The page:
Commentary: To play or not to play. EPL forced to tackle COVID-19
While playing behind closed doors had been likely, a series of infections in the EPL could see postponement of games as an emergency measure, says John Duerden.
SINGAPORE: By Friday (Mar 13) morning, English football had confirmed that one of its players and a manager were infected with COVID-19.
After Arsenal manager Mikel Arteta tested positive on Mar 12, the next morning it was revealed that Chelsea winger Callum Hudson-Odoi was also infected. The same morning, some reports had also emerged that Arsenal striker Pierre-Emerick Aubameyang was also infected though, at the time of writing, this had not been confirmed by the club yet.
The COVID-19 outbreak had already brought much of Asian football to a halt and by this week, European authorities were also scrambling to find a way to deal with what is an unprecedented situation in the modern game. That is, however, easier said than done.
In China, South Korea and Japan, all games in domestic leagues, continental club competitions and the 2022 World Cup qualifiers have been postponed.
Until now, European football authorities have been dealing with this in various ways. Italy, which is currently experiencing the most cases in the continent, has suspended its football leagues until April. In Spain and Germany games are being played behind closed doors.
EPL FORCED TO REACT
The English Premier League (EPL) was, however, trying to continue as normal despite COVID-19 cases continuing to grow in the UK - Mar 11 saw the number of confirmed cases reach 460, the biggest rise to date as it surged 83 more than the day before.
The United Kingdom (UK) government did not yet consider football to be a major public health threat. Patrick Vallance, Britain's chief scientific adviser, said on Mar 9 that:
One person in a 70,000-seater stadium is not going to infect the stadium. They will infect potentially a few people they have got very close contact with.
This official position enabled football to keep going although some reactionary measures were taken. Manchester City’s meeting with Arsenal due to take place on Mar 11 was the first English Premier League fixture to be postponed. This was because the Arsenal players and staff had been in contact with Evangelos Marinakis on Feb 27. The owner of Greek club Olympiakos had celebrated on the pitch with his players after a famous win at Arsenal and on Mar 10 announced he had been infected with the virus. The London club was however still scheduled to face Brighton on Mar 14, at a sold-out stadium.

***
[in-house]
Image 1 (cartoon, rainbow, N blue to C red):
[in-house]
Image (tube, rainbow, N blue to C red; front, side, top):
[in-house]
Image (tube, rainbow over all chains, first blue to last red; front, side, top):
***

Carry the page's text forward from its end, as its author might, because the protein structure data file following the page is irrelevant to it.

However, by Friday that was all about to change. Arteta’s infection forced the EPL to cancel Arsenal’s game at Brighton. As Chelsea took the measures to quarantine its players too after Hudson-Odoi tested positive, the Premier League authorities have called for an emergency meeting on Friday to discuss the next steps. It is widely expected that they will suspend the league and postpone all matches.
PLAYING BEHIND CLOSED DOORS
Up until this point, there were two different options available though neither was perfect. The first was to play games in empty stadiums and the second was to suspend all football until the coronavirus situation calms down.
Pep Guardiola, manager of current English champions Manchester City is not a fan of playing games with no fans present, likening it to actors in a theatre performing with no audience.
The Spaniard predicted that the situation will become more serious in England and asked:
Is it worse to play football without the spectators? We do our job for the people and if the people cannot come to watch us, there is no sense.
On Thursday (Mar 12), just hours after the World Health Organization called the outbreak a global pandemic, Manchester United manager Ole Gunnar Solskjaer said that his club would back the suspension of the EPL rather than play behind closed doors. “I think football is for fans. Without fans we are nothing anyway,” he told media.